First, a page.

This Spanish director, known simply as “Almodóvar,” is arguably the most highly recognized LGBTQ+ filmmaker in the world. His films are centered on life-affirming stories of people from stigmatized cultures or sexualities. Almodóvar’s filmography is diverse, and he is known for his frequent collaborations with Penélope Cruz and Antonio Banderas, as well as his irreverent sense of humor. I’m So Excited is a campy, sexually charged romp, whereas The Skin I Live In is one of the most horrific thrillers of all time.

His 2019 film Pain and Glory was named the finest film of the year by Time Magazine, and his most well-known work, All About My Mother, received “Best International Feature” at the 72nd Academy Awards. He has dedicated his work to give voice to characters from underrepresented minority groups who experience extreme prejudice. He deserves credit for this as well as his storytelling abilities.

Roy Andersson


About Endlessness, Roy Andersson’s latest film, is defined as “a kaleidoscope of the human condition” in the blurb, which is a near-perfect summation of his career. By way of Wes Anderson’s pessimistic older cousin, his most famous works represent a melancholy march towards the grave. Though he is unrelated to Wes Anderson, his films are as eccentric. Songs from the Second Floor and You, The Living, as well as A Pigeon Sat on a Branch Reflecting on Existence, are primarily composed of pastel blue and green tones combined with grey and beige. These desaturated hues are used by Andersson to paint vignettes that depict the mundane and peaceful misery of life.

In a Roy Andersson film, everyone appears like a paler version of the zombies in George A. Romero’s Dawn of the Dead, and they are zombies in a sense. Andersson’s tableaus are like an absurdist, bizarro-world Barry Lyndon, influenced by Marc Chagall, Kukryniksy, and Andy Warhol’s photography. Though predominantly a commercial director, Andersson’s distinct style has made a huge impact, particularly in the last 20 years.

Ruben Östlund


Ruben Stlund’s films are concerned with social contracts and our collective obligation to one another. His films put social interactions under the microscope, forcing us to examine our own conduct. Scenes of awkwardness are where Stlund shines. The Square is perhaps the most awful post-coital scene ever, while Force Majeure has the most hilariously uncomfortable double date you’ve ever had the pleasure of cringing through. We revel in the embarrassment of Stlund’s characters when they say or do something stupid.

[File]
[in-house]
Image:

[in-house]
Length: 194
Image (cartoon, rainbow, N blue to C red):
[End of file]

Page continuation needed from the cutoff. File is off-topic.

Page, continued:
Stlund needed some time to gain his footing in the filmmaking profession. While his first three films are nevertheless outstanding and well-made, they feel like carbon clones of the work of other, more talented filmmakers, including several on this list. Both Play and Involuntary are well-made films, but they lack the distinctive artistic traits that would characterize his subsequent efforts. Stlund found his voice, and with it, a welcome position in world film, with Force Majeure. Triangle of Sadness, his upcoming black comedy starring Woody Harrelson, is one to watch. Keep an eye on stlund right now because he’s on a roll.

Thomas Vinterberg

Thomas Vinterberg is a well-known Danish director who began his career working alongside Lars Von Trier, with whom he would later co-found the “Dogme 95” movement. Though he has directed a few films in English, such as Far from the Madding Crowd, his native tongue is by far his strongest.

Submarino, a heartbreaking and under-appreciated film by Vinterberg, is an eye-opening reminder of how pain and poverty may haunt future generations of families. Both The Celebration and The Hunt (not to be confused with the contentious but toothless Hilary Swank film) look at how society reacts to sexual abuse charges, victim blaming, and mob mentality. Another Round, his most recent picture, is his most accessible, and while it isn’t his best, it did win the International Feature Oscar in 2021. Vinterberg’s films are must viewing for Mads Mikkelsen fans, since Vinterberg has coaxed some of Mads’ best performances of the twenty-first century from him.